The portrait of a naked child

Recently, while watching movies I made the startling discovery that shots of a naked infant were considered an acceptable practice as late as the early 2000s. I had expected a higher degree of reasonable care in this context at least from parallel cinema but I was disappointed. I recently read in an article that while Indian filmmakers are comfortable in shooting infants naked while nude adults on-screen are considered blasphemous even today by certain sections of the society while their foreign counterparts are far more comfortable in doing the reverse. Ironic isn’t it?

Till the last millennium the grounds available under the Cinematograph Act,1952 and Cable Television Networks (Regulation) Act, 1995 for censoring content on-screen were strictly in compliance with Article 19 (2) of the Constitution namely; sovereignty and integrity of the state, security of the state, friendly relations with the foreign states, public order, decency or morality, contempt of court, defamation and incitement to an offense. Even public morality got an upper hand over privacy. Considering the fundamental purpose of a Constitution and the period during which it was drafted it would be unfair to lay the blame on the draftsmen entirely. It is more reasonable to ponder over the fact that neither the aforementioned laws nor any other law addressed the issue of naked infants being shown on the screen with impunity for half a decade since the Constitution came into force. Eventually, the Information Technology Act 2000 and Protection of Children from Sexual Offences Act, 2012 addressed the lacuna and provided a remedy.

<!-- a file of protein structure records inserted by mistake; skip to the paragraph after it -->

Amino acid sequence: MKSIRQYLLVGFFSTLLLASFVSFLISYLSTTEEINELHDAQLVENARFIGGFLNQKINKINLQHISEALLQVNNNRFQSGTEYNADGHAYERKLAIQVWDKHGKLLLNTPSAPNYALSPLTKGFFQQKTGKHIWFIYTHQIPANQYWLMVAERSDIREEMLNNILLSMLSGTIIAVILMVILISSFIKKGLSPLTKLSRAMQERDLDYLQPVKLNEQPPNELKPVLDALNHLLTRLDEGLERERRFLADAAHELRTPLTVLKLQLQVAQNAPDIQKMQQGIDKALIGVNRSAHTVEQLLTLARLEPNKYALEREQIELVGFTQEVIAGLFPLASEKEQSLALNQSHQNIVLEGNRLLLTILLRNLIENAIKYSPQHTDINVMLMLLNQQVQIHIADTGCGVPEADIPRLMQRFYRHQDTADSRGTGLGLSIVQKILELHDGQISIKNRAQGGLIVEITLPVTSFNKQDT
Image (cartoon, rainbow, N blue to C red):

Though the necessity of a legal regime to secure the interests of the general public of the society can never be questioned but it is pertinent to note the underlying issues here are that of privacy and consent. As a society, we still don’t seem to accord privacy to an infant and note that what makes an infant particularly vulnerable is his/her inability to give consent. While the debate on parents putting their toddler’s pictures on social media is becoming center stage our country’s public discourse is oblivious to the development. As of now, I would have to be content with the legal framework in place to protect children in some way. I know previously released content consisting of images of naked infants must have been widely distributed by now by many just enjoy movies for their sake alone. However, I would sleep better if someone could develop an ingenious device to blackout those scenes forever.

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